“With my brain in a whirl I crept across the court and mounted the stairs to my room. Hour after hour I walked the floor, slowly at first, then more rapidly, but it brought no calm to the fierce tumult of my thoughts, and at last I dropped into a chair before the empty fireplace, burying my head in my hands.

“Uncertain, shocked, and deadly weary, I tried to think—I strove to bring order out of the chaos in my brain, but I only sat staring at the long-stemmed rose. Slowly I began to take a vague pleasure in its heavy perfume, and once I crushed a leaf between my palms, and, bending over, drank in the fragrance.

“Twice my lamp flickered and went out, and twice, treading softly, I crossed the room to relight it. Twice I threw open the door, thinking that I heard some sound without. How close the air was!—how heavy and hot! And what was that strange, subtle odor which had insensibly filled the room? It grew stronger and more penetrating, and I began to dislike it, and to escape it I buried my nose in the half-opened rose. Horror! The odor came from the rose—and the rose itself was no longer a rose—not even a flower now—it was only a bunch of catnip; and I dashed it to the floor and ground it under my heel.

“‘Mountebank!’ I cried, in a rage. My anger grew cold—and I shivered, drawn perforce to the curtained window. Something was there, outside. I could not hear it, for it made no sound, but I knew it was there, watching me. What was it? The damp hair stirred on my head. I touched the heavy curtains. Whatever was outside them sprang up, tore at the window, and then rushed away.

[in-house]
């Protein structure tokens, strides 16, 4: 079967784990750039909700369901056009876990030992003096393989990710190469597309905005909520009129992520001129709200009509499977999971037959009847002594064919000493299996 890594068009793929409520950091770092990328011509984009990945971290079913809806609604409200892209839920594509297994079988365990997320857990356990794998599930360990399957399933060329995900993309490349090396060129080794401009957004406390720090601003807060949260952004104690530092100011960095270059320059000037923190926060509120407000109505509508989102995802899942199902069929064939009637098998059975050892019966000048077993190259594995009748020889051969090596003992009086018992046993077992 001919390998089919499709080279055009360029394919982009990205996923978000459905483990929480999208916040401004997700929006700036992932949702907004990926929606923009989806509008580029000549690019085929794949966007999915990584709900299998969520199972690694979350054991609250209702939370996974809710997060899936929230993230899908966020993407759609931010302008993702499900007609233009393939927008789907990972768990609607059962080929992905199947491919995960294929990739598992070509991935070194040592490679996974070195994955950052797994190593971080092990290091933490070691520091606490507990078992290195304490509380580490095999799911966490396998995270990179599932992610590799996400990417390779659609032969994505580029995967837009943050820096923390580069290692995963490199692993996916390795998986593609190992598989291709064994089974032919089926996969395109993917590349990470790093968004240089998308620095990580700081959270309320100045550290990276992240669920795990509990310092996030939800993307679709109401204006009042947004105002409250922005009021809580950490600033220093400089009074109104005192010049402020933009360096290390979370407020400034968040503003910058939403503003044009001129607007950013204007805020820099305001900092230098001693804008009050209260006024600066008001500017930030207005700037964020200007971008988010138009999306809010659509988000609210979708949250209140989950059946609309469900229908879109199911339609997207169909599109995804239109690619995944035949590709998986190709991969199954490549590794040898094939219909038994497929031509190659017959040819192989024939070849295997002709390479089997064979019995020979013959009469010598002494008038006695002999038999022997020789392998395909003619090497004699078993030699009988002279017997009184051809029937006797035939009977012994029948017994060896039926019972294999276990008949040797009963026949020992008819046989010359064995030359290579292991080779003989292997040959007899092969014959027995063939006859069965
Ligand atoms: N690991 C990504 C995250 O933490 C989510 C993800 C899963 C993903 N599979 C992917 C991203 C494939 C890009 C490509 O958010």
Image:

“Feeling very shaky, I crept to the window, opened it, and leaned out. The night was calm. I heard the fountain splashing in the moonlight and the sea-winds soughing through the palms. Then I closed the window and turned back into the room; and as I stood there a sudden breeze, which could not have come from without, blew sharply in my face, extinguishing the candle and sending the long curtains bellying out into the room. The lamp on the table flashed and smoked and sputtered; the room was littered with flying papers and catnip leaves. Then the strange wind died away, and somewhere in the night a cat snarled.

“I turned desperately to my trunk and flung it open. Into it I threw everything I owned, pell-mell, closed the lid, locked it, and, seizing my mackintosh and travelling-bag, ran down the stairs, crossed the court, and entered the night-office of the hotel. There I called up the sleepy clerk, settled my reckoning, and sent a porter for a cab.

“‘Now, ‘ I said, ‘what time does the next train leave?’

“‘The next train for where?’


“The clerk locked the safe, and, carefully keeping the desk between himself and me, motioned the office-boy to look at the time-tables.

“‘Next train, 2.10. Brussels—Paris, ‘ read the boy.

“At that moment the cab rattled up by the curbstone, and I sprang in while the porter tossed my traps on top. Away we bumped over the stony pavement, past street after street lighted dimly by tall gas-lamps, and alley after alley brilliant with the glare of villanous all-night café-concerts, and then, turning, we rumbled past the Circus and the Eldorado, and at last stopped with a jolt before the Brussels station.